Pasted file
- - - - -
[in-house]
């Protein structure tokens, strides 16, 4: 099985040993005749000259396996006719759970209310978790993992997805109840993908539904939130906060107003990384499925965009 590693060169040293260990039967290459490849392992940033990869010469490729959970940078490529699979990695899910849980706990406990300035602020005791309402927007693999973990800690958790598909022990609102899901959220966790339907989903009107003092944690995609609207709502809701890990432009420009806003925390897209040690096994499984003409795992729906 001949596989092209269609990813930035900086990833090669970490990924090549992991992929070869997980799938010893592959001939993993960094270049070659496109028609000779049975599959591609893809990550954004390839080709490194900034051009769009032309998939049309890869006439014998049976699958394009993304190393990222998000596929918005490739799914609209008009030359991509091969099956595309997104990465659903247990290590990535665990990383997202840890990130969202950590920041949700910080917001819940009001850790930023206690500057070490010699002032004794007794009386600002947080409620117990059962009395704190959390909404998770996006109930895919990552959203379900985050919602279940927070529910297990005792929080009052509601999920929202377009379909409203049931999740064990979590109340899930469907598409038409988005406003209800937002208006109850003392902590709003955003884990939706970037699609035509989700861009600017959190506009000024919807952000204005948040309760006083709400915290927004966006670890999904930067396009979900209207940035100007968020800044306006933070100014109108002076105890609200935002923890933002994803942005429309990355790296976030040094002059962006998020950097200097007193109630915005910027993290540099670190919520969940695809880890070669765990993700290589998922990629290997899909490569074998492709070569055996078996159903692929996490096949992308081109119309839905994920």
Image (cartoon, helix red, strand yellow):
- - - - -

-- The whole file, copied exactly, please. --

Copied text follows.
[in-house]
């Protein structure tokens, strides 16, 4: 099985040993005749000259396996006719759970209310978790993992997805109840993908539904939130906060107003990384499925965009 590693060169040293260990039967290459490849392992940033990869010469490729959970940078490529699979990695899910849980706990406990300035602020005791309402927007693999973990800690958790598909022990609102899901959220966790339907989903009107003092944690995609609207709502809701890990432009420009806003925390897209040690096994499984003409795992729906 001949596989092209269609990813930035900086990833090669970490990924090549992991992929070869997980799938010893592959001939993993960094270049070659496109028609000779049975599959591609893809990550954004390839080709490194900034051009769009032309998939049309890869006439014998049976699958394009993304190393990222998000596929918005490739799914609209008009030359991509091969099956595309997104990465659903247990290590990535665990990383997202840890990130969202950590920041949700910080917001819940009001850790930023206690500057070490010699002032004794007794009386600002947080409620117990059962009395704190959390909404998770996006109930895919990552959203379900985050919602279940927070529910297990005792929080009052509601999920929202377009379909409203049931999740064990979590109340899930469907598409038409988005406003209800937002208006109850003392902590709003955003884990939706970037699609035509989700861009600017959190506009000024919807952000204005948040309760006083709400915290927004966006670890999904930067396009979900209207940035100007968020800044306006933070100014109108002076105890609200935002923890933002994803942005429309990355790296976030040094002059962006998020950097200097007193109630915005910027993290540099670190919520969940695809880890070669765990993700290589998922990629290997899909490569074998492709070569055996078996159903692929996490096949992308081109119309839905994920």
Image (cartoon, helix red, strand yellow):